Poes The Cask Of Amontillado: Themes Essay
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Poe's The Cask of Amontillado: Themes
UNIVERSIDADE FEDERAL DO PARANÁ Curitiba, 8 de outubro de 1996 Curso: Letras -
Inglês / Noturno Disciplina: Literatura Norte Americana I Aluno: Anderson José
TASK: To write a summary theme of Poe's "The Cask Of
One of the main themes of Edgar Allan Poe's The Cask Of
Amontillado is revenge. In this summary theme I intend to demonstrate how dramatic irony is used all along the short story as a way of reminding us the true intentions of the character who vowed revenge.
Firstly I will make a…show more content…
Certain evening, " during the supreme madness of carnival season...", Montressor meets his "friend" Fortunato and Montressor is very kind, even affectionate towards him. He greets Fortunato... "My dear Fortunato, you are luckly met..." . The reader that knows Montressor's real intentions notices here that this greeting has another meaning, different from what it would mean if we did not know about Montressor's plan. Once we are aware of Montressor's intentions, we perceive that the real meaning of the sentence could be something like MY ODIOUS ENEMY FORTUNATO, IT IS BAD LUCK FOR YOU HAVING MET ME, for instance. Here, the irony dresses itself with a bitter taste of sadist disguised angry. However, there are passages in which is impossible to assure that Montressor was using irony in his speech. For example, in the passage that
Fortunato says- "Enough (...), the cough is a mere nothing; it will not kill me.
"The Cask of Amontillado" is a story of revenge, but the reader is never told exactly what Fortunato did to warrant such vengeance. In fact, throughout the story, the reader gradually realizes that Montresor is an unreliable narrator; that whatever insult Montresor believes Fortunato committed is probably imagined or exaggerated. It's certain that Fortunato has no idea of Montresor's anger, and this makes the story even more tragic and frightening. The seemingly happy jangling of the bells on the top of Fortunato's cap become more and more sad the deeper the two venture into the catacombs.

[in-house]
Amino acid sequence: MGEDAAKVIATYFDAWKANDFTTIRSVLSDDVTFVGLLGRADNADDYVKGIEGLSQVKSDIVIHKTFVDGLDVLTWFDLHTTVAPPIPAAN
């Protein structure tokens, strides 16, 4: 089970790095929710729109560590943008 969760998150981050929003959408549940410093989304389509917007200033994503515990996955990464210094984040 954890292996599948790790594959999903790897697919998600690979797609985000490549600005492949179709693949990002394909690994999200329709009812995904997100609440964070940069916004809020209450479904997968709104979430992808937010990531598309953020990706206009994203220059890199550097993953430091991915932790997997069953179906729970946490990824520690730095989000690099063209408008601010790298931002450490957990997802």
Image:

In the beginning of the story, Montresor defines revenge. He says he must "punish with impunity." He states if the avenger is caught, or does not make the punishment known to he who committed the wrong, the wrong goes unavenged.
With this in mind, he sets the trap for Fortunato. He gives Fortunato numerous opportunities to back out, using the tricks of classic conmen by playing on Fortunato's greed and pride. In fact, it is Fortunato who insists they carry on to find the Amontillado, and this will no doubt torture him as he is buried alive. Montresor also provides hints as to what he plans to do with Fortunato. He seemingly miraculously comes up with a cask of Amontillado during carnival, which Fortunato can scarcely believe. He tells Fortunato, "You are a man to be missed," and after Fortunato says he won't die of a cough, Montresor agrees. His family motto is "No one insults me with impunity" and he is carrying a trowel. Yet Fortunato suspects nothing, and is so shocked when Montresor chains him to the wall, he doesn't even try to fight.
The structure of the story places the events 50 years in the past. Montresor, perhaps on his own deathbed, is telling someone, perhaps a priest, the story, but not with any remorse. He still believes Fortunato wronged him, and at the end eerily says "In pace requiescat," or "May he rest in peace."